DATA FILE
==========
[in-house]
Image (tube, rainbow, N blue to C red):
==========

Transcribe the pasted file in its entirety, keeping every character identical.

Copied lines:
[in-house]
Image (tube, rainbow, N blue to C red):